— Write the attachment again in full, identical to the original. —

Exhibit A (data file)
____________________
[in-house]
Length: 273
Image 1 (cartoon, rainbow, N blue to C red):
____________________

[in-house]
Length: 273
Image 1 (cartoon, rainbow, N blue to C red):